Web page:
If you want to use a Linux Operating System driven box, to act as a router or gateway, you need IP packets to pass through your Linux box. By default packets not directly addressed to a Linux powered PC will be discarded, so you need to enable IP Forwarding.

This can be done in different ways, and we’ll check here some of the most common.

Use procfs

This is maybe the most used way, it is a temporary change, and you need to enable it after every reboot.

echo 1 > /proc/sys/net/ipv4/ip_forward

You can add this line to /etc/rc.local file, and that way, each time you reboot your computer it will be enabled again.

You can check if IP forwarding is enabled or disabled by checking the content of /proc/sys/net/ipv4/ip_forward file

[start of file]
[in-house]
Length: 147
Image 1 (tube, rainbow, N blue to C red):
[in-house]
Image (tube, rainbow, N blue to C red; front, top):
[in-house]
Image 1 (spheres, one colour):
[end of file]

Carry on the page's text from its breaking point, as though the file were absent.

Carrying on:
cat /proc/sys/net/ipv4/ip_forward

If the output is 1, it is enabled if 0, then it is disabled.

Use sysctl

sysctl let’s you change Kernel values on the fly, so you can use it, to change the IP forward behaviour of your Linux.

First, let’s check if it is enabled or disabled, as root run:

sysctl -a | grep net.ipv4.ip_forward

Now you can set its value to 1, to enable ip forwarding.

sysctl -w net.ipv4.ip_forward=1

This is also temporary, if you want it to be permanent, you can edit the file /etc/sysctl.conf

And modify or add this line:

net.ipv4.ip_forward = 1

Now let Linux load the changes you’ve made.

sysctl -p

As root.

You’re done, now you have IP forward enabled on your Linux, you can now proceed to configure your Linux router or Linux gateway.

This works for Ubuntu, Debian, Fedora, Slackware or any other Linux distribution